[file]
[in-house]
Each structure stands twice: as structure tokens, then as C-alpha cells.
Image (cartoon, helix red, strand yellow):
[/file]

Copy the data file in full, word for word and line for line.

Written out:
[in-house]
Each structure stands twice: as structure tokens, then as C-alpha cells.
Image (cartoon, helix red, strand yellow):